‘Tame’ lioness bites 10-year-old

2013-07-22 00:00

FOR 30 seconds that felt like a lifetime, an angry lioness bit into the arm of a shocked 10-year-old boy visiting the Zanchieta Wildcat farm outside Bloemfontein on Saturday.

The farm was hosting a birthday party for lioness Elsa who had turned five, and Johan Opperman was among a group of people who attended the festivities with his father Andries.

Johan was standing with his back against the lioness’s cage when she suddenly turned and clawed the boy’s left arm through the bars of her cage with such force that the cage shook.

Minutes before the attack, the mood was jovial as visitors watched how the owner of the lioness, Miekie van Tonder (25), kissed and hugged the lioness before marking the animal’s fifth birthday with a large meaty bone.

Several visitors had also rubbed the lioness through the bars.

When Elsa moved to pick up her new bone she passed the oblivious Johan.

Without provocation, the lioness suddenly clawed his jacket, pulling the boy’s left arm through the bars into her cage before biting into his arm.

A fearless Van Tonder immediately jumped over Elsa, hitting her hard enough on the nose to make the big cat’s eyes water.

But with her eyes narrowed to slits, the lioness just bit deeper into the boy’s arm.

Van Tonder then forced both her hands between the lioness’s teeth to pry her jaws open as the boy’s father tried to pull his son free on the other side of the bars.

Andries finally managed to tear his son from the big cat’s jaws after another visitor hit Elsa’s paws to force her to let go of the shocked boy, who had turned white without uttering a sound throughout the ordeal.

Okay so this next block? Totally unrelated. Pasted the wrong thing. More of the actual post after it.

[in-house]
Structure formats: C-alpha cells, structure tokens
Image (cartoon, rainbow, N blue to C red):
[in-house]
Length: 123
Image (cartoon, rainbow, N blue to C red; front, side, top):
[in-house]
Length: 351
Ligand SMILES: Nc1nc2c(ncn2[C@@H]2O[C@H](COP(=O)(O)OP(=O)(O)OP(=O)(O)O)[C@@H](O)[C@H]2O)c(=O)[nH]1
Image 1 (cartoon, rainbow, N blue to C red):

After about 30 seconds, the lioness suddenly let go of the boy.

His body hung limply in his father’s arms while staff stemmed the bleeding with tissues before Andries rushed his son to the Bloemfontein MediClinic for treatment.

Hospital spokesperson Amanda Appelgryn said yesterday the boy will be operated on tomorrow to reconnect muscles and tissue.

She said he was “doing better” and his pain was under control.

Andries did not wish to comment.

Van Tonder’s fingers were still badly swollen yesterday after she forced open Elsa’s jaws.

She said she had reacted without thinking and did not feel any pain at the time.

“I would rather that she [Elsa] bit off my fingers than the laaitie’s,” she said.

Van Tonder said she felt ashamed and bad about Elsa’s behaviour, but was not angry with the lioness.

“She will always be a wild animal. A lion is not like a cheetah that becomes tame,” she explained.

She said visitors were told to keep the children at a safe distance from the cage because as a cub Elsa had been teased by children and as a result she still did not like them.

“All children are the same to her. In the wild, lions will target the smallest and the weakest.”

Four years ago Elsa also made headlines in sister paper Volksblad when she suffered a broken vertebra in her neck while playing with other lions on the farm.

As in the wild, lions will target the smallest and the weakest.

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